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Network Participants

Participant Contact Details Description of Research

Dr Gurminder K Bhambra


g.k.bhambra(AT)warwick.ac.uk

Gurminder's research addresses how, within sociological understandings of modernity, the experiences and claims of non-European ‘others’ have been rendered invisible to the dominant narratives and analytical frameworks of sociology. In challenging the dominant, Eurocentred accounts of the emergence and development of modernity, she has put forward an argument for the recognition of ‘connected histories’ in the reconstruction of historical sociology at a global level. While her research interests are primarily in the area of historical sociology, she is also interested in the intersection of the social sciences with recent work in postcolonial studies.

She is the convenor of this ESRC Network

Lucy Mayblin

lucy

 

l.mayblin(AT)warwick.ac.uk

Lucy is an ESRC funded PhD student in the Department of Sociology at the University of Warwick. Her doctoral research takes a historical institutionalist perspective in analysing current British asylum policies. Through an institutional orders approach adapted from US political science, the project seeks to investigate the link between Atlantic slavery, British colonialism and decolonisation as driving forces in attitudes towards immigrants, minorities and ‘others’ from outside of Europe, with particular reference to politics and policy making on asylum. Her contention is that the historical legacy of the British Empire, though invisible in public political discourse on immigration and asylum, is key to understanding such policies in the present.

Lucy is the Research Assistant for this Network

Dr Robbie Shilliam

Robbie Shilliam

Robbie.Shilliam(AT)vuw.ac.nz

Robbie has an abiding interest in historical sociological investigations of modernity, and the contextualization of social and political thought within the processes that are purported to drive modernity. He takes these two intellectual pursuits to be necessarily conjoined in so far as thought on modernity is always situated in particular concrete places and practices, hence, this thought is usually driven by a reflection on these practices as indicating the presence, absence or "corruption" of modernity. Previously he used this lens to investigate the rise and fall of a liberal project supported by influential German intellectuals from the French Revolution up to the rise of Nazism. More recently he has examined the broader Atlantic context of modernity, focusing especially on New World slavery and the implications for historical sociology of situating the epicenter of modernity within the slave-holding New World, rather than in "industrializing" and "democratizing" Europe.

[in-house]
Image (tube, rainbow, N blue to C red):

Søren Rud

Søren Rud

 

Søren Rud is a PhD candidate at the University of Copenhagen. He is working on his thesis, in which he focuses on the development of modern governmental techniques across metropole and colony. The empirical focus is Copenhagen and Greenland in the late nineteenth century. His research investigates how the governmental techniques used to influence the domestic urban poor were related to techniques developed by the colonial administration.

Dr Ipek Demir

Ipek Demir

id34(AT)leicester.ac.uk

Ipek is a Lecturer in Sociology at the University of Leicester, having previously completed a DPhil in Social and Political Thought at the University of Sussex and held an ESRC Postdoctoral Fellowship in the Department of History and Philosophy of Science at the University of Cambridge. Her research draws on political philosophy, social theory and epistemology. She is interested in notions of incommensurability, translation, connection and dislocation between systems of thought, and in the movement of ideas and practices across epistemic communities.

Recent publications include: 1968 In Retrospect: History, Theory, Alterity (Palgrave, 2009) (co-edited with Gurminder K. Bhambra); 'Incommensurabilities in the Work of Thomas Kuhn', Studies in the History and Philosophy of Science 39 (2008); 'Thomas Kuhn's Construction of Scientific Communities', in S. Herbrechter and M. T. Higgins (eds), Returning (to) Communities: Theory, Culture and Political Practice of the Communal (Rodopi, 2006).

Ozan Zeybek

Ozan Zeybek

S.O.Zeybek(AT)open.ac.uk

Ozan is a PhD student in the Geography Department at the Open University. He has just completed his fieldwork in a small provincial town in Turkey. His research is about places which appear to be only as extensions of 'someplace else', and which are explained by entities located in 'somewhere else'. His main attempt is to examine the analytical frameworks that enable such places to seem 'invisible', or at least, trivial: the followers vs. the 'real' agents of history.

Dr Rolando Vázquez

Rolando Vázquez

  Rolando Vázquez is Assistant Professor of Sociology at the Roosevelt Academy of Utrecht University in The Netherlands. His research circles around three interdisciplinary topics: 'postcolonial thinking', 'visual social experience' and the 'critique of modern time'. His research brings together a variety of fields such as: social theory, continental philosophy, postcolonial thinking, visual studies and aesthetics. He has written about Walter Benjamin, Hannah Arendt, photography, coloniality and the critique of modern time.